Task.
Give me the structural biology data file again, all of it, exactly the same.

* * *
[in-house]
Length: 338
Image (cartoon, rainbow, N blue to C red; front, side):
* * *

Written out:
[in-house]
Length: 338
Image (cartoon, rainbow, N blue to C red; front, side):